Where safety is a major concern and low voltages are indicated, a conventional warm-start method is preferred, with a switching means such as a bimetallic switch for resistive heating of the bulb filaments or electrodes to ionize the gas and start the bulb. According to the warm-up alternative embodiment of the invention, the lamp filaments are coupled as part of the ballast circuits. One filament is in series with the positive power voltage of the ballast control circuits, and both sides are in series with the starter. The ballast will not work if either filament is broken. This prevents an electrical shock caused by accidentally touching the bulb filament connecters.
The first constant power regulator provides the necessary voltage during startup and during operation, and is reliable, efficient and simple from a circuitry standpoint. The combined pulse width and pulse frequency operation provides constant power regulation as well as the high frequency chopper signal needed by the voltage multiplier, while limiting harmonic currents.
Whereas the ballast of the invention includes two constant power regulators, various forms of dimming control are readily possible, for example relying on manual control, optical or thermal sensing or the like to vary the frequency of chopper operation. In one embodiment, a manually adjustable potentiometer can effect such a control by changing the value of the current sensing resistor.
Additional aspects of the invention, as well as variations and alternative embodiments, will be apparent from the following discussion of practical examples.
There are shown in the drawings certain exemplary embodiments of the invention as presently preferred. It should be understood that the invention is not limited to the embodiments disclosed as examples, and is capable of variation within the scope of the appended claims. In the drawings,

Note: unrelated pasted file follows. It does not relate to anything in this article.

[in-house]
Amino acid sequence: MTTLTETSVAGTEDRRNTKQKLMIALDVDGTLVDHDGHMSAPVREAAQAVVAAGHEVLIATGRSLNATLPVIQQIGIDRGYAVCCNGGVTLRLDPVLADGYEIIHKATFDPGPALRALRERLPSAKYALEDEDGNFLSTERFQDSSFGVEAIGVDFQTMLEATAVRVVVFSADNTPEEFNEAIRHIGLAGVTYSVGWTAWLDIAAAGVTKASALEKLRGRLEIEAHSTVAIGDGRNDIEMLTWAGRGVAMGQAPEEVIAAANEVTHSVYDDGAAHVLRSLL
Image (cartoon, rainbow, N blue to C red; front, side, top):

FIG. 1 is a schematic diagram illustrating a first embodiment of the invention;
FIG. 2 is a schematic diagram showing an exemplary constant power regulator for inclusion in the embodiment according to FIG. 1;
FIG. 3 is a schematic diagram showing an exemplary voltage multiplier according to the invention.
FIG. 4 is a schematic diagram showing an alternative input stage having a voltage limiting control for one or both of the constant power regulators.
FIG. 5 is a partial schematic that is useful in explaining operation of the output side of the circuit.
FIG. 6 is a plot of voltage over time, showing AC and DC components of the voltage applied to the load.
FIG. 7 is a schematic diagram showing an alternative embodiment including a manually operable dimmer control.
FIG. 8 is a schematic diagram showing an alternative embodiment using a filament-warming starter.
Referring to the embodiment of the invention shown in FIG. 1, a bridge rectifier B1 is coupled to domestic mains 22 via a line filter 24, series inductor L1 and parallel capacitor C1, to provide an unregulated full wave rectified voltage VU. A first constant power chopper regulator 30 produces a voltage VH, and a second constant power regulator 40 applies the voltage across gas discharge tube 50, such as a fluorescent bulb or the like. The second power regulator 40, regulates the power level to a constant such that VLOAD across the tube 50 has a large DC component and a smaller AC component.
First constant power regulator or chopper 30 produces a square wave or pulse train output at about 30 KHz due to switching of MOSFET Q1 under control of a voltage controlled oscillator 54. There are a number of particular ways in which the constant power regulator can be embodied, one variation being shown in FIG. 2. The same reference numbers have been used in FIG. 2 and throughout the figures, to identify corresponding components. The pulse width and the frequency of switching of MOSFET Q1 are variable, such that the duty cycle of pulses is changed as a function of the current level, sensed by the voltage on resistor R1, in series with MOSFET Q1.
As shown in FIG. 2, a voltage proportionate to current is produced across current sampling resistor R1 when MOSFET Q1 is conducting due to a high level on its gate from oscillator 54. The current-sense voltage across resistor R1 is applied to the base of switching transistor Q3. The emitter of transistor Q3 is coupled to ground through emitter resistor R3, and Q3 conducts and resets controlled oscillator 54 when the voltage on the base of switching transistor Q3 is sufficient to forward bias its base-emitter junction. Controlled oscillator 54 can comprise a feedback amplifier having a capacitor that is drained by transistor Q3, or a multivibrator that is reset by a low level at the collector of transistor Q1.